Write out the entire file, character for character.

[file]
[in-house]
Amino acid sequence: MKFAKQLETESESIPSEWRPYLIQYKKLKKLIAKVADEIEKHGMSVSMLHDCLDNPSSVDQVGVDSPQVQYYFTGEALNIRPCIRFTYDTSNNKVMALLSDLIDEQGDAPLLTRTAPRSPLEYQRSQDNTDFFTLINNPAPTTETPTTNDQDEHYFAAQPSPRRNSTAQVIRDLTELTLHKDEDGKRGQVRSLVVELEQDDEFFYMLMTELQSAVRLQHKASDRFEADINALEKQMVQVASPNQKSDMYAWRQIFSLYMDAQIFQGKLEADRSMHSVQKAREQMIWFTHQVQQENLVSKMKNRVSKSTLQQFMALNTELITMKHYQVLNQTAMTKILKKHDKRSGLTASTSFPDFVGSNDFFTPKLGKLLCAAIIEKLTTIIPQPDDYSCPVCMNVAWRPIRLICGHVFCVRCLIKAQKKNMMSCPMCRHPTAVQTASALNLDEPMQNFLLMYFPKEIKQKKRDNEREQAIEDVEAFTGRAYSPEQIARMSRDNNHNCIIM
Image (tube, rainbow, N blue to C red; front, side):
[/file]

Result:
[in-house]
Amino acid sequence: MKFAKQLETESESIPSEWRPYLIQYKKLKKLIAKVADEIEKHGMSVSMLHDCLDNPSSVDQVGVDSPQVQYYFTGEALNIRPCIRFTYDTSNNKVMALLSDLIDEQGDAPLLTRTAPRSPLEYQRSQDNTDFFTLINNPAPTTETPTTNDQDEHYFAAQPSPRRNSTAQVIRDLTELTLHKDEDGKRGQVRSLVVELEQDDEFFYMLMTELQSAVRLQHKASDRFEADINALEKQMVQVASPNQKSDMYAWRQIFSLYMDAQIFQGKLEADRSMHSVQKAREQMIWFTHQVQQENLVSKMKNRVSKSTLQQFMALNTELITMKHYQVLNQTAMTKILKKHDKRSGLTASTSFPDFVGSNDFFTPKLGKLLCAAIIEKLTTIIPQPDDYSCPVCMNVAWRPIRLICGHVFCVRCLIKAQKKNMMSCPMCRHPTAVQTASALNLDEPMQNFLLMYFPKEIKQKKRDNEREQAIEDVEAFTGRAYSPEQIARMSRDNNHNCIIM
Image (tube, rainbow, N blue to C red; front, side):